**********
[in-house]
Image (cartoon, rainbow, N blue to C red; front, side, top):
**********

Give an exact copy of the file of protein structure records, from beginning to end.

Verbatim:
[in-house]
Image (cartoon, rainbow, N blue to C red; front, side, top):